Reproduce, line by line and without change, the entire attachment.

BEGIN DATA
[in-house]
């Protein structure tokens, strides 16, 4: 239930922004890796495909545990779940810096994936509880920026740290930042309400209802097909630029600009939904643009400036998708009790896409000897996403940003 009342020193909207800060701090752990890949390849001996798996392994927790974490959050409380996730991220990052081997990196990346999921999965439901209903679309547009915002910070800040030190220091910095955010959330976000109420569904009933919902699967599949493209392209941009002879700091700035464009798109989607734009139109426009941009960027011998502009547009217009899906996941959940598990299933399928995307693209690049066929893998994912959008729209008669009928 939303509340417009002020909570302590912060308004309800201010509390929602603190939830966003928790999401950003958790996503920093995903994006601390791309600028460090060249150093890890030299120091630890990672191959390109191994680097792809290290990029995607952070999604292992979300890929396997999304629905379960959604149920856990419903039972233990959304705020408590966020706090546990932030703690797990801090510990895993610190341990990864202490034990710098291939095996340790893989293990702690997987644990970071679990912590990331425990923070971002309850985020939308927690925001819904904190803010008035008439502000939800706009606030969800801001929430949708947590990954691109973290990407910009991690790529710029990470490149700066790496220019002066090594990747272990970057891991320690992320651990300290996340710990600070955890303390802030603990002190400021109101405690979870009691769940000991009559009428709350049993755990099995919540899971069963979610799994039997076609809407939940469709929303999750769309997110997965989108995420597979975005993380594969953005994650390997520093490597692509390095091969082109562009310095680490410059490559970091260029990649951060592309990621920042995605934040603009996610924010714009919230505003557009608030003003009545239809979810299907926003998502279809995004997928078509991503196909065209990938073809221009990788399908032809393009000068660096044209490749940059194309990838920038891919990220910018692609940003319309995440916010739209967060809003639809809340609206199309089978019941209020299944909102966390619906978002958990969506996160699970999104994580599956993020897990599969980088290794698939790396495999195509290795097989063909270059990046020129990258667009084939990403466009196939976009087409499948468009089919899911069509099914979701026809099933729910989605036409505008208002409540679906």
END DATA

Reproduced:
[in-house]
């Protein structure tokens, strides 16, 4: 239930922004890796495909545990779940810096994936509880920026740290930042309400209802097909630029600009939904643009400036998708009790896409000897996403940003 009342020193909207800060701090752990890949390849001996798996392994927790974490959050409380996730991220990052081997990196990346999921999965439901209903679309547009915002910070800040030190220091910095955010959330976000109420569904009933919902699967599949493209392209941009002879700091700035464009798109989607734009139109426009941009960027011998502009547009217009899906996941959940598990299933399928995307693209690049066929893998994912959008729209008669009928 939303509340417009002020909570302590912060308004309800201010509390929602603190939830966003928790999401950003958790996503920093995903994006601390791309600028460090060249150093890890030299120091630890990672191959390109191994680097792809290290990029995607952070999604292992979300890929396997999304629905379960959604149920856990419903039972233990959304705020408590966020706090546990932030703690797990801090510990895993610190341990990864202490034990710098291939095996340790893989293990702690997987644990970071679990912590990331425990923070971002309850985020939308927690925001819904904190803010008035008439502000939800706009606030969800801001929430949708947590990954691109973290990407910009991690790529710029990470490149700066790496220019002066090594990747272990970057891991320690992320651990300290996340710990600070955890303390802030603990002190400021109101405690979870009691769940000991009559009428709350049993755990099995919540899971069963979610799994039997076609809407939940469709929303999750769309997110997965989108995420597979975005993380594969953005994650390997520093490597692509390095091969082109562009310095680490410059490559970091260029990649951060592309990621920042995605934040603009996610924010714009919230505003557009608030003003009545239809979810299907926003998502279809995004997928078509991503196909065209990938073809221009990788399908032809393009000068660096044209490749940059194309990838920038891919990220910018692609940003319309995440916010739209967060809003639809809340609206199309089978019941209020299944909102966390619906978002958990969506996160699970999104994580599956993020897990599969980088290794698939790396495999195509290795097989063909270059990046020129990258667009084939990403466009196939976009087409499948468009089919899911069509099914979701026809099933729910989605036409505008208002409540679906």